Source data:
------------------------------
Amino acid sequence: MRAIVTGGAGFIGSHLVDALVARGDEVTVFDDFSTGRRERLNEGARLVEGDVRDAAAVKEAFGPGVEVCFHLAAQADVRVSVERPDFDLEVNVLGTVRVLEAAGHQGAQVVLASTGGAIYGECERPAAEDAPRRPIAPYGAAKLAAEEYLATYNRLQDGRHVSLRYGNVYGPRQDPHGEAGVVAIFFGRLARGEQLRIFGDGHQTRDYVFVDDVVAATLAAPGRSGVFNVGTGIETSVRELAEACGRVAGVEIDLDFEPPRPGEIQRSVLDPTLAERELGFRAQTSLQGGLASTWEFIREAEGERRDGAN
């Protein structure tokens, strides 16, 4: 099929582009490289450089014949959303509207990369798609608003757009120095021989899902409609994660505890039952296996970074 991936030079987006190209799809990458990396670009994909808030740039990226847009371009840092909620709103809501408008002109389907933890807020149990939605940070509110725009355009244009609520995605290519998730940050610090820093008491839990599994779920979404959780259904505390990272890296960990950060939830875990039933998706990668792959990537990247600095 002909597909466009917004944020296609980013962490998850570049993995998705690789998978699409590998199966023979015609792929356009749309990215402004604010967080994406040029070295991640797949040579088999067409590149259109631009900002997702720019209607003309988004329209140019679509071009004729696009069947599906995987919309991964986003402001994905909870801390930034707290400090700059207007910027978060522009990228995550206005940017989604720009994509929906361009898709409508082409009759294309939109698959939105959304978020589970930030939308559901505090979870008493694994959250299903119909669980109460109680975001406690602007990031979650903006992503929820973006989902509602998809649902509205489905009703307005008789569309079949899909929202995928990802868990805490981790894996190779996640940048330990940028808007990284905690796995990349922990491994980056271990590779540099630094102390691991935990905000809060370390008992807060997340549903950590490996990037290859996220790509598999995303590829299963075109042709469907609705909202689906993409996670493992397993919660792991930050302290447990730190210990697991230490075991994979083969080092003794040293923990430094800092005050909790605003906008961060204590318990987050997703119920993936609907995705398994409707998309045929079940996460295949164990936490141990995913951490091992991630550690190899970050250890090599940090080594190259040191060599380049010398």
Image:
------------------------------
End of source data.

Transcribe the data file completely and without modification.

Amino acid sequence: MRAIVTGGAGFIGSHLVDALVARGDEVTVFDDFSTGRRERLNEGARLVEGDVRDAAAVKEAFGPGVEVCFHLAAQADVRVSVERPDFDLEVNVLGTVRVLEAAGHQGAQVVLASTGGAIYGECERPAAEDAPRRPIAPYGAAKLAAEEYLATYNRLQDGRHVSLRYGNVYGPRQDPHGEAGVVAIFFGRLARGEQLRIFGDGHQTRDYVFVDDVVAATLAAPGRSGVFNVGTGIETSVRELAEACGRVAGVEIDLDFEPPRPGEIQRSVLDPTLAERELGFRAQTSLQGGLASTWEFIREAEGERRDGAN
């Protein structure tokens, strides 16, 4: 099929582009490289450089014949959303509207990369798609608003757009120095021989899902409609994660505890039952296996970074 991936030079987006190209799809990458990396670009994909808030740039990226847009371009840092909620709103809501408008002109389907933890807020149990939605940070509110725009355009244009609520995605290519998730940050610090820093008491839990599994779920979404959780259904505390990272890296960990950060939830875990039933998706990668792959990537990247600095 002909597909466009917004944020296609980013962490998850570049993995998705690789998978699409590998199966023979015609792929356009749309990215402004604010967080994406040029070295991640797949040579088999067409590149259109631009900002997702720019209607003309988004329209140019679509071009004729696009069947599906995987919309991964986003402001994905909870801390930034707290400090700059207007910027978060522009990228995550206005940017989604720009994509929906361009898709409508082409009759294309939109698959939105959304978020589970930030939308559901505090979870008493694994959250299903119909669980109460109680975001406690602007990031979650903006992503929820973006989902509602998809649902509205489905009703307005008789569309079949899909929202995928990802868990805490981790894996190779996640940048330990940028808007990284905690796995990349922990491994980056271990590779540099630094102390691991935990905000809060370390008992807060997340549903950590490996990037290859996220790509598999995303590829299963075109042709469907609705909202689906993409996670493992397993919660792991930050302290447990730190210990697991230490075991994979083969080092003794040293923990430094800092005050909790605003906008961060204590318990987050997703119920993936609907995705398994409707998309045929079940996460295949164990936490141990995913951490091992991630550690190899970050250890090599940090080594190259040191060599380049010398």
Image: